Over 100 million old phones, worth £14.1 billion, lying around UK homes


Over 100 million old mobile phone devices – worth an estimated £14.1bn – are lying unused in the nation’s homes, while the same amount have been thrown in the bin, according to new findings from mobile phone service provider giffgaff.

According to the report, the average UK adult has at least two old mobile devices lying unused in the home, and has thrown a further two in the bin. With the average giffgaff trade-in value at £133, this equates to £532 worth of unused or discarded handsets per household. 

Men were found to hold on to or throw away more old phones, with the average UK male having three unused handsets at home and throwing away a further two. While women have thrown away two old handsets on average, and have a further two lying unused at home.

Shockingly, only just over half (57%) of old phones that have been thrown away were broken or damaged. While a third (36%) of UK adults have never traded in or recycled an old phone for cash, and one in ten (11%) didn’t realise that throwing away old mobile phones was bad for the environment.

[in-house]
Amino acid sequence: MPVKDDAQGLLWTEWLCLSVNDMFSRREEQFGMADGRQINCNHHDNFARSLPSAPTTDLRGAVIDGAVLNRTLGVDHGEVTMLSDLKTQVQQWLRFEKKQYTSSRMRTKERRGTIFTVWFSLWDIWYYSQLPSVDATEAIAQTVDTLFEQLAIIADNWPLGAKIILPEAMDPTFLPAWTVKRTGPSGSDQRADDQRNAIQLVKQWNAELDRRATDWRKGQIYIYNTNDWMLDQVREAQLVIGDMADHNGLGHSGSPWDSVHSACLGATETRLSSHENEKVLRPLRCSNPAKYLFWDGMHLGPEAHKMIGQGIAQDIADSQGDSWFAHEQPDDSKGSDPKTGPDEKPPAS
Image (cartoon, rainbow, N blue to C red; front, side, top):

When it comes to factors most likely to encourage people to buy or sell an old phone, money is unsurprisingly the main motivating factor, with almost half (48%) claiming they would be most likely to do it to save or make money.

However, knowing that recycling a phone is a more sustainable choice that helps cut down on landfill (28%), or that a recycled phone would be donated to help a good cause (31%), were cited as factors most likely to encourage others to buy or sell an old phone.

With this in mind, and with its research revealing that one in ten (10%) UK adults claim to have donated less to on-street fundraisers, charity representatives and homeless people as a result of the UK becoming a ‘cashless society’, giffgaff has partnered with The Big Issue to provide 250 refurbished phones to its vendors, enabling them to take cashless payments when selling the magazine. 

Says Ash Schofield, CEO of giffgaff:

“Our research shows that people are sitting on a significant amount of cash, at a time when finances are being hit hard. I would urge everyone to do what they can to get the maximum lifetime out of their phone. It’s good for your pocket and importantly the environment. And when you’re done with your phone, recycling it and putting it back into the ecosystem is great for helping people, like Big Issue vendors.”

For more information visit giffgaffrecycle.com.


Chris Price
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